Shuffling procedure is as follows: The third player to the left of the dealer (who, in three-player games, is the dealer) gathers the cards used in the previous deal and mixes them up well. Second player to the left of the dealer takes the shuffled pack and cuts it several times, and the player to dealer's left cuts it once and hands it to the dealer.

The dealer takes the pack and deals a packet of four cards to himself, four cards to each opponent, three cards face up to the table, then three cards to each player and another three to the table; so that each player has seven cards, there are six on the table, and there are 21 remaining in the talon. If there's a four-of-a-kind on the table, the dealer immediately captures it; alternately, the hand may be redealt. If there are any Lights on the table, all payments for the deal are doubled or quadrupled, like so:


Each player in turn then checks for teyaku, which are special combinations based on the cards in one's dealt hand. If there are any, the teyaku is declared, the player exposing the appropriate cards. Each player with a teyaku is paid their value in kan chips by each opponent, doubling or quadrupling as necessary. A player can even have two teyaku in one hand, one from the below Group A and one from Group B, in which case their values are added together.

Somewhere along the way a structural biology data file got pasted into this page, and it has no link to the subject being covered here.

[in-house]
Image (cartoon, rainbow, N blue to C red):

For example, if Akiko has a Toichi and no other players have teyaku, and the points are doubled for the round, she receives 12 kan - 6 from each player. If Akiko has an Aka, Iori a Tatesanbon, Uzuki nothing, and points are not doubled, Akiko gets 1 kan (2 from each for the Aka, minus 3 for Iori's Tatesanbon), Iori gets 4 kan (3 from each for the Tatesanbon, minus 2 for Akiko's Aka), and Uzuki loses 5 kan (2 for the Aka and 3 for the Tatesanbon).

Name Description Value (in kan)
Group A - Teyaku based on pairs, triplets, and quads of month cards
Only the highest scoring teyaku in this group is counted.
When declaring, only the cards involved in the teyaku are exposed.
三本 Sanbon Triplet 2